Covered California Call Center Helps Thousands

People are shopping for and enrolling in health insurance.

Covered California, the Affordable Care Act, or Obamacare, rolled out Oct. 1, 2013. Courtesy Covered California
Covered California, the Affordable Care Act, or Obamacare, rolled out Oct. 1, 2013. Courtesy Covered California
—By Bay City News Service
Over the past week, workers at a state healthcare exchange call center in Concord have fielded an influx of calls from thousands of Californians looking to enroll in health care under the Affordable Care Act.
The county-run call center had, as of Oct. 8, helped handle questions from more than 59,000 callers whose were routed either to the Concord facility or to the call center located in Rancho Cordova, according to Peter Lee, Executive Director of Covered California, the state's new healthcare exchange.
"We started strong in our first week," he said. "The amount of interest and number of applications we've received in the first week underscores the demand among Californians for quality, affordable health care."
The calls came addition to the 987,000 individuals who visited the Covered California website to learn more about health insurance options offered through the state's online exchange, Lee said.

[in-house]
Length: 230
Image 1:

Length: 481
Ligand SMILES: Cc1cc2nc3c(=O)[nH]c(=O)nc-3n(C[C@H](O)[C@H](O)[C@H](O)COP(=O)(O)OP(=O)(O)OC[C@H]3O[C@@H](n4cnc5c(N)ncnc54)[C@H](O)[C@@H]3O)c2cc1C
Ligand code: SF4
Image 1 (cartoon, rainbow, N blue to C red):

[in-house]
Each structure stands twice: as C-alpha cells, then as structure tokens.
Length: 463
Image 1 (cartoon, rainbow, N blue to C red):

Since Oct. 1, when the Affordable Care Act, or Obamacare, was rolled out, more than 16,300 California households have applied and been deemed eligible for insurance under Covered California, and more than 27,300 have partially completed their applications, he said.
Average weekday call wait times dropped from around 15 minutes on Tuesday to less than four minutes on Friday, according to Lee. He said both call centers hope to get wait times down to 30 seconds or less.
At the Concord call center, located in a 37,000-square-foot warehouse located at 2500 Bates Ave., representatives continue to handle a steady stream of calls, said Antonio Vasquez, a customer service supervisor at the center.

The more than 160 customer service representatives at the new center spend most of their time educating callers about the Affordable Care Act and helping them determine if their income levels and other factors make them eligible either for federal subsidies to help cover health care premiums or for low-cost or free Medi-Cal.
In many cases, callers with preexisting conditions are relieved that they're eligible for any coverage and are often surprised they won't be required to pay more for a health care plan, said Lisa Jones, a customer service agent at the center.
"A lot of people still believe they will be denied for preexisting conditions so they are overjoyed when they learn they can't be rejected," she said.
Jones said that as more people learn about their options under the Affordable Care Act, "people are more educated and ready to enroll now."

In addition to individuals and families, some 430 small businesses statewide have registered so far to apply for health coverage for their workers through the exchange, according to Lee.